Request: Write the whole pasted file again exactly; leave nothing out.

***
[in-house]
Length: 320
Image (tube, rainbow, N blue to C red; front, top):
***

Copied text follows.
[in-house]
Length: 320
Image (tube, rainbow, N blue to C red; front, top):